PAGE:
A TEENAGE jockey who took his own life aged 19 sent his girlfriend a video saying he loved her before moments before his death, an inquest was told.
Michael Pitt was found dead in a petrol station car wash in Hungerford, Berkshire, on July 5.
The inquest at Reading Town Hall heard he had been on a night out with friends and drinking heavily before his death.
He sent his girlfriend Ellie a Snapchat video saying he had never stopped loving her just before taking his own life.
Michael’s mother Amanda said her son was a ‘loveable rogue’ but worried about the future of his relationship.
She said: “Michael was 100 per cent about everything he did, including his feelings for girls.
“He always had a playful side, if he had attention from other girls he could not walk away.
“He would always end up in a mess, one girl would text the other girl.
“He would tell me, ‘s**t hit the fan mum, I have lost both of them’.
“His feelings for Ellie were very different. He had messed around, I think he was terrified of her finding out.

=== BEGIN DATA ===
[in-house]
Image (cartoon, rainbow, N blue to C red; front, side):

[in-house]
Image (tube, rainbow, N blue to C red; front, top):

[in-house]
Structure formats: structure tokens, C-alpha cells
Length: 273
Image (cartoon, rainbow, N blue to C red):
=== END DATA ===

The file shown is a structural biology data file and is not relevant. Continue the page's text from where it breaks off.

“Maybe it all came to a head that night. Watching the Snapchat video, I think that was his concern.”
A pathologist concluded the cause of the young jockey’s death was hanging.
And he was found to have a ‘high level’ of alcohol in his blood, the inquest heard.
In a statement read out in court, Michael’s girlfriend said he was ‘using drink to help him sleep because he was having a tough time’.
‘LIVED LIFE TO THE FULL’
Assistant coroner for Berkshire Jenny Goldring said: “He was a young man, by all accounts, who lived life to the full.
“And had a promising career ahead of him as a jockey.”
Michael, the son of racehorse trainer Tim Pitt, was working as a stable lad for top trainer Warren Greatrex at the time of his death.
Greatrex said: “It’s an awful accident. He was a cracking lad and a really good young rider.
“He was loved by everybody and this has hit us all hard. He was a stable lad for us who had just got his amateur licence, he rode very well and worked hard as well.
“He’d been with us for about a year, he fitted in great and was a real cheeky chap. He always had a smile on his face and was very popular among staff.”
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